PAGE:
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FRI0339 Adherence To Vaccination and Osteoporosis Prevention in A French Systemic Lupus Erythematosus Cohort
  1. M. Scherlinger1,2,
  2. A. Hourdillé1,2,
  3. C. Pichon1,2,
  4. T. Schaeverbeke1,2,
  5. J.-F. Viallard2,3,
  6. J.-L. Pellegrin2,3,
  7. E. Lazaro2,3,4,
  8. C. Richez1,2,4
  1. 1Rheumatology, hopitaux universitaires Bordeaux
  2. 2Bordeaux University
  3. 3Internal medicine, hopitaux universitaires Bordeaux
  4. 4CIRID, CNRS UMR 5164, Bordeaux, France


Background Systemic lupus erythematosus (SLE) is a chronic inflammatory disease in which improvements in treatments have led to new challenges in patient care. Longer survival and patients aging come with long-term complications that the rheumatologists should work to recognize and prevent effectively. In fact, osteoporosis and infections bear a great importance in disease-related morbidity, mortality and care-related costs of SLE patients.

Objectives Evaluate adherence to influenza and pneumococcal vaccination as well as to osteoporosis prevention in regard of the 2003 french recommendations, in a SLE patient cohort. Describe the factors associated with osteoporosis as well as with adherence to adequate vaccinal prevention.

Methods We included all SLE patients (fulfilling the American College of Rheumatology criteria), seen from May 2014 to November 2014, in Rheumatology or Internal medicine department from Bordeaux teaching hospital, France. Using 2 questionnaires and medical records, informations concerning patients, disease-related characteristics and adherence to preventions were collected. Statistical analyze was made with appropriate tests regarding the type of data and a p-value <0,05 was considered of statistical significance.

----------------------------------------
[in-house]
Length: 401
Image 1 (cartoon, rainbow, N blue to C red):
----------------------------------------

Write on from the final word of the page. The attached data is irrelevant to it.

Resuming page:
Results One hundred and nine patients were included. There was 100 women (92%), mean disease duration was 9,9 years. Renal and neurologic involvement were present in 20 and 9% of patients respectively. At the time of the study 76% were receiving hydroxychloroquine, 57% corticoids with 34% of them on a dose ≥7,5mg prednisone/day and 57% had received an immunosuppressant.

Twenty-one (19%) patients had an indication for anti-osteoporotic treatment. These patients were older (mean 54 versus 42 years, p<8.10–4), had a longer use of corticosteroid (103.7 versus 62,5 months, p<0.01) and a greater use of immunosuppressant (81% versus 51%, p<0.01). Lombar and femoral head T-score were negatively correlated with SLICC-ACR damage index after excluding fractures from the score (b = -0,35 and -0,27; p<0,006 and p<0,03 respectively). Only 12/21 (57%) patients received the indicated anti-osteoporotic treatment, mainly by lack of prescription by the attending physician.

Only 11 patients (10%) received both influenza and pneumococcal vaccines, 35% received influenza vaccination at least once and 18% received pneumococcal vaccination. Reasons for non-vaccination were: lack of recommendation by general practitioner or rheumatologist (51%), fear of side effects (29%), contraindication with lupus (14%), inefficiency (2%). Predictive factors for an appropriate vaccination for both vaccines were: higher SLICC-ACR damage index (p<0,03) and past or current treatment with rituximab (p<0,02). Longer disease duration was associated with a better vaccination against influenza (p<0,02), and contact with elderly for pneumococcal vaccine (p<0,04).

Conclusions Osteoporosis treatment and infection prevention with influenza and pneumococcal vaccination remains low among SLE patients. Rheumatologists need to better implement these aspects in the global care of their SLE patients.

Disclosure of Interest None declared

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